PB: I think you believe in the dictum that writers need to read a lot in order to write. Were you always a big reader? Who would you say your influences are and what led you to thriller writing?
GH: I think it is essential for a writer to read a lot. It is an indispensable apprenticeship that should become a daily activity. During the apprentice period, I would advise reading widely and certainly outside of a person’s preferred genre. I was a voracious reader as a teenager, both nonfiction and fiction. My tastes were eclectic: Greek mythology, popular science, Japanese and Mexican novelists, military history, and poetry – to mention a few. I have become less eclectic over the years. I now tend to read thrillers, crime fiction, poetry, literary fiction, and history, with an emphasis on military history. My writing influences are diverse. I am a big fan of Yukio Mishima, Ernest Hemingway, Cormac McCarthy and Thomas Harris. In terms of what led me thriller writing, I would say that I am a very visual person, and so I tend to see a scene in my mind before I write it. This lends itself to writing thrillers rather than genres which rely heavily on dialogue or the internal life of the characters. I also have a penchant for the dark side, which naturally finds itself at home in thrillers. I am of the opinion, though, that genres are too fixed, and that mixing genres in a novel is perfectly acceptable as long the result is a coherent whole. A literary thriller, for example, can be most satisfying.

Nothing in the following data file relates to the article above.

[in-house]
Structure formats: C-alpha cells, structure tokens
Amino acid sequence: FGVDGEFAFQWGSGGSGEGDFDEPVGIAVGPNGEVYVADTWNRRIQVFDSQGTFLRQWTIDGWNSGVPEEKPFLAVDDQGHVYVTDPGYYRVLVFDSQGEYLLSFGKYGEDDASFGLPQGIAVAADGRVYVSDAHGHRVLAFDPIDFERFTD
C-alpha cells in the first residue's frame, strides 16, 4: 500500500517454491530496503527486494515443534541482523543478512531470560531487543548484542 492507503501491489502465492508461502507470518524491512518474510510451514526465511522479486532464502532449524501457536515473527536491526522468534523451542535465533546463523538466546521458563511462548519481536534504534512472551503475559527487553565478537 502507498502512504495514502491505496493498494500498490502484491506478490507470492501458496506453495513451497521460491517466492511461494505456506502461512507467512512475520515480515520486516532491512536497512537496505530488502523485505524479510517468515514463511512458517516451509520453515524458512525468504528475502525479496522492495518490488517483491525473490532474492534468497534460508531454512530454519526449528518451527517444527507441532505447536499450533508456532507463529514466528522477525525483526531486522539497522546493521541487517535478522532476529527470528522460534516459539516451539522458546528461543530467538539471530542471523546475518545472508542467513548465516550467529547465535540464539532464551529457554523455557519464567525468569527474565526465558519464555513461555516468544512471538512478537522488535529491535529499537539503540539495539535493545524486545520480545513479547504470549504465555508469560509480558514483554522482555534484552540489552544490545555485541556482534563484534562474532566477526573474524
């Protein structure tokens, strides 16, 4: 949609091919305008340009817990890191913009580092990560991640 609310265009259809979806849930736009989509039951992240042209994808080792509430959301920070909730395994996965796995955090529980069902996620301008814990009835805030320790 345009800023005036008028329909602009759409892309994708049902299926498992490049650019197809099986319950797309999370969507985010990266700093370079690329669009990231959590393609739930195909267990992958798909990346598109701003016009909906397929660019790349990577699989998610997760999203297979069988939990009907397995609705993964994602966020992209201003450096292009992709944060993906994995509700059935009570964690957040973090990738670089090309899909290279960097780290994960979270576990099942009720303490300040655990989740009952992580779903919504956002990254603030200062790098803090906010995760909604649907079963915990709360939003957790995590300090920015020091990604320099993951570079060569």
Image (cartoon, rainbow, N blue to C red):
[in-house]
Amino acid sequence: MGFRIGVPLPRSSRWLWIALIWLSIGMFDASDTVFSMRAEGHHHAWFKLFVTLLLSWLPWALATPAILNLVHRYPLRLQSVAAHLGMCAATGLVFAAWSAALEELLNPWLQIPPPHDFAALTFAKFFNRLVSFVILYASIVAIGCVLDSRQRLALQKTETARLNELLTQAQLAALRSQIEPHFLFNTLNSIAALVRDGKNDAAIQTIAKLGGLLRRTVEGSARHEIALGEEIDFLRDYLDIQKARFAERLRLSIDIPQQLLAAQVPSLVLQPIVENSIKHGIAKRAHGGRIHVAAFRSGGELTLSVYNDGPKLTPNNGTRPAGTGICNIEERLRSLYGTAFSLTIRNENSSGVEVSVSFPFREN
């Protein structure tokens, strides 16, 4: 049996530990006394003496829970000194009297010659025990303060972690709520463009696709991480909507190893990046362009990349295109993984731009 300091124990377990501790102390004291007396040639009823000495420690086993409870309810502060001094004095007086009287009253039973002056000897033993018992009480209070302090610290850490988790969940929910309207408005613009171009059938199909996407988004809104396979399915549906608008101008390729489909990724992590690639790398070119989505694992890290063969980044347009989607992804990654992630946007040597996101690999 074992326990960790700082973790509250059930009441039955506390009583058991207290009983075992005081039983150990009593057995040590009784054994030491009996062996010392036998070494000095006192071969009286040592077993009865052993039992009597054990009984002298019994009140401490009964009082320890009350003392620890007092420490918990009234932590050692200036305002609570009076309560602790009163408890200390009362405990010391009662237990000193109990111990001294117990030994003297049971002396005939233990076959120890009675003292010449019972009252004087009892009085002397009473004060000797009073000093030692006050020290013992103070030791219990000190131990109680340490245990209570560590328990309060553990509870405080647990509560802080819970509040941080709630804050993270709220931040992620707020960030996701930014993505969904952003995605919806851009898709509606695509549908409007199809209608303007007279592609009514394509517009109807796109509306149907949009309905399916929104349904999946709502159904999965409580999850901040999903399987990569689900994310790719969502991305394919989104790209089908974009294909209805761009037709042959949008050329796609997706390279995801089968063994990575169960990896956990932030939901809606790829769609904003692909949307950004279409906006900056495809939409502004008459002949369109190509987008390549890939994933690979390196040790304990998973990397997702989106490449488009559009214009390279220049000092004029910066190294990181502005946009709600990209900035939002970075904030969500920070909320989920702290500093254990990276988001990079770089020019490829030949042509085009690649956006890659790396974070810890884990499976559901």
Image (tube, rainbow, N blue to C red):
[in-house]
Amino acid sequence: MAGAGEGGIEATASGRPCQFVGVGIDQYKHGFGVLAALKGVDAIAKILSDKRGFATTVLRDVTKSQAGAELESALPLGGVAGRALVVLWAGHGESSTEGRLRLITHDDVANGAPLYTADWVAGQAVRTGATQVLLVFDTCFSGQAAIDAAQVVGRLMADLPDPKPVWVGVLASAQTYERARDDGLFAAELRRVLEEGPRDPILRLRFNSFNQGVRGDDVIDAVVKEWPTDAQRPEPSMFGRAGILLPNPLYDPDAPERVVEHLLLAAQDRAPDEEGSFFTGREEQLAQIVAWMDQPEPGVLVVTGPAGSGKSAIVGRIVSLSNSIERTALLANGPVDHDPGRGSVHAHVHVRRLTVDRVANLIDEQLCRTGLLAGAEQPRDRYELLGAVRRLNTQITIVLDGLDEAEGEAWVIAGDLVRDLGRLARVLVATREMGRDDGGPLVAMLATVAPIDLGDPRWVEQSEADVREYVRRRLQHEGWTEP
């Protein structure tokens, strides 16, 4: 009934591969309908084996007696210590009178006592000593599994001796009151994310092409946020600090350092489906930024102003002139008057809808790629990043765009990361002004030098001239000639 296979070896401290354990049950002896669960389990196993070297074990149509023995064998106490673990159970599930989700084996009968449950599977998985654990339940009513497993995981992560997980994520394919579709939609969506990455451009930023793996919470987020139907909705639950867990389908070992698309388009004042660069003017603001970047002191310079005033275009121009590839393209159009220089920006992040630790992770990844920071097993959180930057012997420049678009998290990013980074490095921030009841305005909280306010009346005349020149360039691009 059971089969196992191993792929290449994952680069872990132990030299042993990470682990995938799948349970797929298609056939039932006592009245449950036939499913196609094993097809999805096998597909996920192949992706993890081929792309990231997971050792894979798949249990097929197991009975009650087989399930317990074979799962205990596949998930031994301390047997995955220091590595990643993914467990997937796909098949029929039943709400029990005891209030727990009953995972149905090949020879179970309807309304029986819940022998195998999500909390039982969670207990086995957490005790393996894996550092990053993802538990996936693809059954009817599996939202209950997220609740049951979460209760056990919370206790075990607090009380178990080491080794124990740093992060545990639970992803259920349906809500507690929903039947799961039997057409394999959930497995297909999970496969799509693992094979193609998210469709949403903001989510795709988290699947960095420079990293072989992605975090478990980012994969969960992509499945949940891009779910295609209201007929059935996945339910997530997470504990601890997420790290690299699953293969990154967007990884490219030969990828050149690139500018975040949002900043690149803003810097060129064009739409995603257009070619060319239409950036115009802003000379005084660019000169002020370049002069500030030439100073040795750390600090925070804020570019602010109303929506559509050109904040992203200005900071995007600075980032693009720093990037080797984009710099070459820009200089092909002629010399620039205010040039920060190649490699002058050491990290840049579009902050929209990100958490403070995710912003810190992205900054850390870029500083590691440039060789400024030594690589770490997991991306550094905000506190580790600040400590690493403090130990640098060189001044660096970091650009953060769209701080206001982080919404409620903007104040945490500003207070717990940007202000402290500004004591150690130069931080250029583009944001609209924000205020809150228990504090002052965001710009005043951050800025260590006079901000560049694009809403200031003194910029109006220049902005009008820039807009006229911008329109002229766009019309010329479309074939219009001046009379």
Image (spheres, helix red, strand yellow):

PB: As a commercial lawyer you are involved in conflict resolution, but as a writer your books wouldn’t be half as much fun if people sat down and came up with amicable solutions to disputes. Do you enjoy that contrast? Is it a cathartic experience writing thrillers?